The EC provides regular updates on African Swine Fever (AFS) gathered through the EU Animal Disease Notification System (ADNS) and preventative measures as part of the joint 'strategic approach' to preventing the spread of the disease. This approach and the measures outlined in it will be of particular interest to the UK's pig farming sector.
ASF is a devastating, usually deadly, infectious disease of pigs and wild boar; it represents a serious threat to pig farmers worldwide; it does not affect humans nor other species but there is no treatment or vaccine for ASF. The disease can cause severe health impact on farms, disruption of international trade of animals and animal products, and massive economic losses.
The pig sector is one of the most economically significant farming sectors in the EU.
ASF is very resistant to inactivation even under harsh environmental conditions. In infected areas, control is done through slaughtering of all pigs and destruction of cadavers and litter, cleaning and disinfection, designation of infected zone and control of pig movement, as well as epidemiological investigation (tracing of sources and possible spread of infection).
It can be transmitted either via direct animal contact or via dissemination of contaminated food (e.g. sausages or uncooked meat). Indirect transmission happens through feeding with garbage containing infected meat, through fomites (premises, vehicles, implements, clothes) or through biologic vectors (soft ticks). The sources of virus are blood, tissues, secretions and excretions of sick and dead animals, carrier animals (especially African wild swine and domestic pigs in enzootic areas) and soft ticks.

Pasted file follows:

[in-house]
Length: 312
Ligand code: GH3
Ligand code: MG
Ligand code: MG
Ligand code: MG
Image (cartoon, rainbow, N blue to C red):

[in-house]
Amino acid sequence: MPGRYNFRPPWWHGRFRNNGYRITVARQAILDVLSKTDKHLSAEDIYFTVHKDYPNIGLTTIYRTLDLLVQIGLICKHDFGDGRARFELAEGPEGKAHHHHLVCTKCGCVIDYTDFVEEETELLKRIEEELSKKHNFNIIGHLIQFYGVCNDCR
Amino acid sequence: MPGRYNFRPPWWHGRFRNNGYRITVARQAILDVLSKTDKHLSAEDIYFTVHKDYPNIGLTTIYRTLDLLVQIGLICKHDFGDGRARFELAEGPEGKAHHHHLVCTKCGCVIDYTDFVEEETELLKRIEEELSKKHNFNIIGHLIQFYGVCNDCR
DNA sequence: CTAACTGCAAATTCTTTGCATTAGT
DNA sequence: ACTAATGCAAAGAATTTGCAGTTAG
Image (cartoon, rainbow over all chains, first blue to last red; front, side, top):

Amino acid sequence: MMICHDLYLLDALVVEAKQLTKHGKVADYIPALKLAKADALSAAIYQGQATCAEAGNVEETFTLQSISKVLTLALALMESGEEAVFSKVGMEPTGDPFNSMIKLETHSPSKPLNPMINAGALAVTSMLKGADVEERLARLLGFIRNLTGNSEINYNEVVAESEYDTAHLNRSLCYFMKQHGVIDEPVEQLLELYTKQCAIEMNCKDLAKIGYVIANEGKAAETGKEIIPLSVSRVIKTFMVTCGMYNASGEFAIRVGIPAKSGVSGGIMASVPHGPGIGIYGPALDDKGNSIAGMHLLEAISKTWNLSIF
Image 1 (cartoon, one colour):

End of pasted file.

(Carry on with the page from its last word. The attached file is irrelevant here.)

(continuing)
Prevention - In free countries can be done through import controls, disposal of waste food from aircraft/ships coming from infected countries.
The European Union has laid down prevention and control measures to be applied where African swine fever is suspected or confirmed either in holdings or in wild boars. These include information measures and measures to prevent and eradicate the disease. The overarching piece of legislation providing the tool for the control of African swine fever in the EU is Directive 2002/60/EC.
There is an obligation that Member States to ensure the 'presence or the suspected presence' of ASF is compulsorily and immediately notifiable to the competent authority. There are listed requirements for investigation and containment and the establishment of protection and surveillance zones. Plus detailed requirements for treatment, any reintroduction of pigs, existence of feral pigs and measures to prevent the spread of ASF by vectors.
The map summarising the current regionalisation of infected areas is regularly updated and accessed here.
Document SANTE/7113/2015 summarises the Strategic approach to the management of African Swine Fever for the EU. The ASF Strategic approach is aimed to the EU countries affected by the disease and to EU countries free from the disease with a risk of introduction. It is intended to prevent the spread of the disease and eventually to eradicate the disease in the affected territories.
Main Measures for Prevention and Early Detection